As regular CFZ-watchers will know, for some time Corinna has been doing a column for Animals & Men and a regular segment on On The Track... particularly about out-of-place birds and rare vagrants. There seem to be more and more bird stories from all over the world hitting the news these days so, to make room for them all - and to give them all equal and worthy coverage - she has set up this new blog to cover all things feathery and Fortean.

Sunday, 2 December 2012

Debate begins over rare bird's affect on New Mexico jobs

SANTA FE — The U.S. Fish and Wildlife Service on Friday proposed to list the lesser prairie chicken as a threatened species, igniting a debate about whether protecting a rare bird could cost New Mexico jobs.

This Western grouse, found in five states, has been a candidate for listing since 1998. The recommendation begins a yearlong process of whether the lesser prairie chicken should receive federal protection.

Fish and Wildlife said it made the recommendation based on evidence that the lesser prairie chicken's population and habitat are in decline.

"Listing cannot come soon enough for the lesser prairie chicken," said Taylor Jones of WildEarth Guardians. "Threats are increasing, the species' range is contracting and current conservation efforts are too little, too late."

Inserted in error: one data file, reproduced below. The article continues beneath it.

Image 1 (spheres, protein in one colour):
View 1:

U.S. Rep. Steve Pearce took the opposite position, sending out a statement headlined, "Here we go again." Pearce, R-Hobbs, successfully led opposition to listing the dunes sagebrush lizard as an endangered species.

"Unfortunately, our jobs and our way of life in southern New Mexico continue to come under assault," Pearce said. "The prairie chicken is yet another example that federal species regulation is not based on science, but rather driven by lawyers for extreme interest groups, like Santa Fe-based WildEarth Guardians, who filed the lawsuit in this case."

The Environmental Defense Fund, based in New York City, entered the debate suggesting the type of compromise that ended the dunes.


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